Registration Dossier

Environmental fate & pathways

Hydrolysis

Currently viewing:

Administrative data

Link to relevant study record(s)

Reference
Endpoint:
hydrolysis
Type of information:
read-across based on grouping of substances (category approach)
Adequacy of study:
key study
Justification for type of information:
Please see the category read-across justification in the category object.
Reason / purpose for cross-reference:
read-across: supporting information
Reason / purpose for cross-reference:
read-across: supporting information
Reason / purpose for cross-reference:
read-across: supporting information
Transformation products:
no
Key result
Remarks on result:
other: not hydrolysed at pH 4, 7 and 9

Description of key information

According to structural properties and the results of a hydrolysis study using a structural analogue, hydrolysis is not expected/probable.

Key value for chemical safety assessment

Additional information

In a guideline study conducted in compliance with OECD 111, the hydrolysis of a category member (CAS 5281-04-9) as a function of pH was tested. No hydrolysis at pH 4, 7 and 9 was determined (MITI, Japan 1994).

Waiving argument:

According to literature data of Harris (1990), Kollig et al. (1993) and Boethling & Mackay (2000) hydrolysis of the substance is not expected.

 

Justification:

Substance has half-lifes at 25°C of above 1 year

This is the criterion for sufficiently stable substances given in OECD TG 111 indicating that no further hydrolysis testing is required (OECD 2004). Substances with half-lifes at pH 4, 7 and 9 and 25°C definitely above one year are for example NHFG (no hydrolysable functional groups)- and NLFG (no labile functional groups)- compounds according to Kollig et al. 1993 and Wolfe and Jeffers 2000. Important categories of organic substances fulfilling these criteria are listed in table 1. The rationale of this waiving argument is that abiotic hydrolysis is at best very slow under environmentally relevant conditions and thus of minor importance.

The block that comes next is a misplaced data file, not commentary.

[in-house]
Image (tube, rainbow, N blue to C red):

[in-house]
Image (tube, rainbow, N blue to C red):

As no significant further functional group than the ones listed in table 1 have been identified in the structure(s) of the whole category, hydrolysis is not expecdted.

 

Table 1: Organic chemicals with half-lifes at pH 4 to 9 and 25°C above one year.

Organic substance category

Source

Alkanes

Harris 1990

Alkenes

Harris 1990

Alkynes

Harris 1990

Vinyl chloridea

Kollig et al. 1993, Mabey and Mill, 1978

Benzenes/Biphenyls

Harris 1990

Xylenes

Kollig et al. 1993, Wolfe and Jeffers 2000

Polycyclic aromatic hydrocarbonsb

Harris 1990, Kollig et al. 1993

Halogenated aromatics/PCBs

Harris 1990, Mabey and Mill, 1978

Aromatic nitro compounds

Harris 1990, Kollig et al. 1993

Amines

Kollig et al. 1993

Aromatic amines

Harris 1990, Wolfe and Jeffers 2000

Alcohols

Harris 1990, Kollig et al. 1993

Phenols

Harris 1990

Glycols

Harris 1990

Nitriles

Mabey and Mill 1978

Ethers

Harris 1990, Kollig et al. 1993

Aldehydes

Harris 1990

Ketones

Harris 1990

Carboxylic acids

Harris 1990, Wolfe and Jeffers 2000

Sulfonic acids

Harris 1990

aand higher chlorinated derivatives.

bHomo- and heterocyclic species.

References

Boethling RS, Mackay D (2000) Handbook of property estimation methods for chemicals: Environmental health and sciences. Chapter 13. Hydrolysis. CRC Press LLC, Boca Raton, Florida.

 

Harris JC (1990) Rate of hydrolysis. In Lyman WJ, Reehl WF, Rosenblatt, DH (eds.) Handbook of chemical property estimation methods. 3rd edn. ACS Washington.

 

Kollig HP, Ellington JJ, Karickhoff SW, Kitches BE, Long JM, Weber EJ, Wolfe NL (1993) Environmental fate constants for organic chemicals under consideration for EPA’s

hazardous waste identification projects. EPA/600/R-93/132.

 

Mabey W, Mill T. 1978. Critical review of hydrolysis of organic compounds in water under environmental conditions. J Phys Chem Ref Data:383-415.

 

OECD. 2004. OECD Guideline for the testing of chemicals. No 111. Hydrolysis as a function of pH.

 

Wolfe NL, Jeffers, PM. 2000. Hydrolysis. In Boethling RS, Mackay D (eds) Handbook of property estimation methods for chemicals: Environmental and health sciences. CRC Press, LLC, Boca Raton, Florida.